Clients’ charitable interests provide openings for ESG conversations

It’s as much about returns as about values, IN ESG Summit participants say.

If a client donates to an organization that plants trees or serves on the board of a food bank, that could give financial advisers an opportunity to discuss how those interests can be reflected in her portfolio and provide an entry into values-based investing.

“You can get a read on what they’re passionate about,” Alli Hillgren Warner, chief marketing officer at Beacon Pointe Advisors, said Thursday during the InvestmentNews ESG Summit. “You can use that as a segue to the impact or ESG conversation.”

Anthony Eames, vice president and director of responsible investment strategy at Calvert Research and Management, said delving into a client’s charitable giving or volunteer activities can shed light on whether they want to engage in ESG investing.

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“That is a clear opening for advisers to say, ‘This is clearly a passion of yours … Have you thought about how these issues are potentially expressed in your portfolio?’” Eames said. “This is about deepening the relationship, deepening the connection that an adviser has with a client, and the portfolio is a tool for doing that.”

So-called impact or socially responsible investing that incorporates environmental, social and governance factors in making decisions about stocks and fund purchases is one of the fast-growing investment sectors.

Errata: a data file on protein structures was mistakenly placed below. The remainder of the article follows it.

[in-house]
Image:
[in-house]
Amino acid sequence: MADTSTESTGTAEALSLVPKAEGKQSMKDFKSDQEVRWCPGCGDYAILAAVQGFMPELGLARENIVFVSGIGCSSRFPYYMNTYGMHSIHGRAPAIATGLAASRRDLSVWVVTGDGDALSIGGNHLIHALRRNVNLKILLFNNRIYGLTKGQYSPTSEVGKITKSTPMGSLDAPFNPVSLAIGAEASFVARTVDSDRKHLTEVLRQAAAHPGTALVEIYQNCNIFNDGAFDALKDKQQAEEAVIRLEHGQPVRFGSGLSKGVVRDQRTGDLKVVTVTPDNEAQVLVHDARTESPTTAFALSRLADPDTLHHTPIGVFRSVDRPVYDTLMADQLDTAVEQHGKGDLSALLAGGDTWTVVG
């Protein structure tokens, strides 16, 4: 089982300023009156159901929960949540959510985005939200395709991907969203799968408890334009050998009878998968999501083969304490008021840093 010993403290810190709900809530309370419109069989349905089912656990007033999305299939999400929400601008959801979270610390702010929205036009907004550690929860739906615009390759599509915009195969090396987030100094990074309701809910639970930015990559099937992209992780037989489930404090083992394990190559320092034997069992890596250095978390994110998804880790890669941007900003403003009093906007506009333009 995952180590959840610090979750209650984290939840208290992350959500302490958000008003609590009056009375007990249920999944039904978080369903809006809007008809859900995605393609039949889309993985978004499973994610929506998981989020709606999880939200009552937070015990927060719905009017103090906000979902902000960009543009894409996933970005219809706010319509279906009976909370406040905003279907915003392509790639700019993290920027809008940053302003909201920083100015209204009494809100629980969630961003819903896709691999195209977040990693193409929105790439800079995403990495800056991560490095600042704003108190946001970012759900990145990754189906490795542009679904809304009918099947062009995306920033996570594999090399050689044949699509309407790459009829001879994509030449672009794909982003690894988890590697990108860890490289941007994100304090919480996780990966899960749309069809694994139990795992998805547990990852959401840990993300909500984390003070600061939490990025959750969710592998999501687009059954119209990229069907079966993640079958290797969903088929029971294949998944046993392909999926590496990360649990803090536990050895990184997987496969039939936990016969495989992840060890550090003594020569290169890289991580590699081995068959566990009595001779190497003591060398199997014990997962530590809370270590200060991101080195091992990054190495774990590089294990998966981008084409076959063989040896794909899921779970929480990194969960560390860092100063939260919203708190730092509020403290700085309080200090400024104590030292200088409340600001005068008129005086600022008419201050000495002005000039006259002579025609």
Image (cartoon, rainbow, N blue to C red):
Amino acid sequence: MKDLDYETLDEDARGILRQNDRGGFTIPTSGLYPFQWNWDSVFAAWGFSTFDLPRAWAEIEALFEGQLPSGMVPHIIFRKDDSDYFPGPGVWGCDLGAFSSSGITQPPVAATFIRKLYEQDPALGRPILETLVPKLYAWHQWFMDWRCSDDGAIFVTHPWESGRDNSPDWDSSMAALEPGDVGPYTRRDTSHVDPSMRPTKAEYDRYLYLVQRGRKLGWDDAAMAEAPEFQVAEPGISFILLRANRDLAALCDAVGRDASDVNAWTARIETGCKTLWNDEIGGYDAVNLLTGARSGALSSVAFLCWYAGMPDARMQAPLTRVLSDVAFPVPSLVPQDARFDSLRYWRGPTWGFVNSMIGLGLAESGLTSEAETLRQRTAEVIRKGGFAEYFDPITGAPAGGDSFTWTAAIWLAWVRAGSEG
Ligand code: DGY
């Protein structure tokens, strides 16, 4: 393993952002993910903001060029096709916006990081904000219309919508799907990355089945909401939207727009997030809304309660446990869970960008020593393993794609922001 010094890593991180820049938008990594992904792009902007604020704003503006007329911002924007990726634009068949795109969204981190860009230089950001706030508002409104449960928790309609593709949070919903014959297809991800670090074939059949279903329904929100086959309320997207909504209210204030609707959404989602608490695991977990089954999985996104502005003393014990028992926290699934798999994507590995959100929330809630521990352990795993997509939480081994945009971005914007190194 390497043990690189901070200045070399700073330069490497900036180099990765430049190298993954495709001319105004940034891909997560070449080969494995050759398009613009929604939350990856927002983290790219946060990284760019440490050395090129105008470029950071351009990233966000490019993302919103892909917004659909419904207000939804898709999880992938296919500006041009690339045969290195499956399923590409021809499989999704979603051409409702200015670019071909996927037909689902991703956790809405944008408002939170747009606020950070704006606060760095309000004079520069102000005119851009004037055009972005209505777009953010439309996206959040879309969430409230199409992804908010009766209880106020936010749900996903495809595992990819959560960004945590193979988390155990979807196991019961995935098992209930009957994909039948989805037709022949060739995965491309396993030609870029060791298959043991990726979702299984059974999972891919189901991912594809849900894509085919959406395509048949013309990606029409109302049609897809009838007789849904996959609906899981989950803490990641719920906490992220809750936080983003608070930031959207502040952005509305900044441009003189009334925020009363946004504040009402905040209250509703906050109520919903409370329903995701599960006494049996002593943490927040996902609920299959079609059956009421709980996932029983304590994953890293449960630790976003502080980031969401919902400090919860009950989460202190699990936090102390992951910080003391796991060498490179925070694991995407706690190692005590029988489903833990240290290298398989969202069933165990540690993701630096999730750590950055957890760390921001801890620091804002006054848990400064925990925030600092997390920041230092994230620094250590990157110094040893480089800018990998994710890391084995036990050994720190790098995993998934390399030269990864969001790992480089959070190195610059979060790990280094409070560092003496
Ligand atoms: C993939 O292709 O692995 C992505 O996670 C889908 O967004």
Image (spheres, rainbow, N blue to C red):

More advisers should be part of the movement,  which is “very much an investor-driven phenomenon,” Eames said.

“We would definitely advocate that advisers be more proactive in terms of getting to a particular client’s or prospect’s interest in the approach,” he said. “It’s a tremendous opportunity for advisers to engage not only more meaningfully with their current clients but it’s a tremendous business-building opportunity as well.”

Values-based investing does more than allow a client to express his or her social priorities in a portfolio. It also boosts returns.

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“We’re seeing real separation from companies that have strong management of their human capital, their use of natural resources, their corporate governance,” Eames said. “These are issues that are material, and they can … drive stock prices.”

In fact, it’s a good idea to take emotion out of the ESG discussion with clients and focus on how their own bottom line will benefit, Warner said.

“It’s important that at the end of the day, we are fulfilling the clients’ aspirations and goals and passions, but so that they don’t run out of money when they turn 80,” she said.

Women are especially inclined toward ESG investing, Warner said.

“When there are women at the investing table, it’s brought up on a more organic basis,” she said.

Promoting ESG also should be a firmwide effort. Beacon Pointe, for instance, participated in a holiday food drive that provide 57,000 meals.

“Firm culture plays a critical role,” Warner said.

[More: ESG pioneer tells financial advisers to get on the bandwagon]

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